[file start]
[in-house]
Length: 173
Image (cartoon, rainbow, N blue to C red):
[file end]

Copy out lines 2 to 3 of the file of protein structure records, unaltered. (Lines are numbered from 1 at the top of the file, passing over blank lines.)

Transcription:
Length: 173
Image (cartoon, rainbow, N blue to C red):